Each of us seeks to maintain a sense of internal integrity, while still making a positive impression on others. We are driven by a fear of being discredited. Sometimes that means keeping secrets, especially when the concealed information is sensitive. Concealment of sexual orientation requires considerable effort, constant vigilance, and behavioral self-editing. Although there is a wish to disclose the secret, the need to make a favorable impression on others often overpowers the need to disclose.

Coming out is a process of initiating forgiveness for what we or others may see as a serious mistake. Initiating forgiveness is associated with higher stress at all ages, but it is particularly complex for the mature man who has been living a heterosexual life. In the research for my book Finally Out: Letting Go of Living Straight, I found that for mature men who have sex with men (MSM), initiating forgiveness creates one of the biggest barriers to their coming out. MSM have intense stress that may worsen their physical health and lead to depression, substance abuse and suicide. MSM may or may not feel guilty about their sexual behaviors, but most are tormented by the potential consequences of revealing their lies and deception.

The Longevity Project: An Interview with Howard S. Friedman

Saturday, April 9th, 2011

The Longevity Project: An Interview with Howard S. FriedmanIt’s the million-dollar question (of course not when you’re depressed): what do we need to do to live longer? Two professors decided to bring together their 20 years of work on a landmark eight decade study. Howard S. Friedman is Distinguished Professor at the University of California in Riverside. Leslie R. Martin is Professor of Psychology at La Sierra University, and Research Psychologist at UC Riverside. Together they wrote The Longevity Project: Surprising Discoveries for Health and Long Life from the Landmark Eight-Decade Study. Their scientific research on health and longevity has been published in over 150 influential and often-cited scientific articles in leading books and scientific journals.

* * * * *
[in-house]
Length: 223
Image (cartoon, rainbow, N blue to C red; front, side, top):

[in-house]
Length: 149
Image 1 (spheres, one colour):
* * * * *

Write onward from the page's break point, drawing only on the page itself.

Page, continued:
1. I know that it’s hard to pinpoint one predictor of longevity. But I’m going to ask that anyway. Given all the research you present in this book, can you name the top three factors that contribute most?

Dr. Friedman: We looked very carefully at who thrived and survived from childhood through old age. So naturally, people ask, “What is the single most important tip to live longer and happier?” Is it telling jokes and laughing a lot? Maybe it is that hour in the gym every morning at 6 am? Or, is it vowing to lose that extra 10 pounds? Could the essential trick be keeping a positive outlook and whistling while you work? No.

The single most important bit of advice we can offer tip-seekers and list-makers is:
 Throw Away Your Lists!

Antioxidants and Your Health

Wednesday, March 30th, 2011

antioxidants and healthAntioxidants are good for your health.

Or at least that is a popular claim.

An antioxidant is any molecule that slows down or prevents oxidation reactions.  Originally, oxidation reactions were defined as chemical reactions with oxygen.  More recently, oxidation reactions have been described as reactions in which an atom or molecule loses an electron.

Oxidation is a natural part of life.  Excessively high antioxidant levels are detrimental to health. Some people have suggested that oxidation reactions contribute to heart disease, declines in cognitive abilities, and cancer.

“Vitamin C, vitamin E, and beta-carotene have been shown to be antioxidants in a test tube, and it is often claimed that they and many other substances are able to function as antioxidants in the body. However, whether any molecule can act as an antioxidant depends on its environment, and it is not clear which of these can be counted on to work in your body.  Further, even if they act as antioxidants in the body, it is not clear that they will have any effect on heart disease or cancer,” says Gerda Endemann, biochemist and author of Fat is Not the Enemy (Endemann, 2002).

Tips To Find a Good-Enough Doctor

Wednesday, March 16th, 2011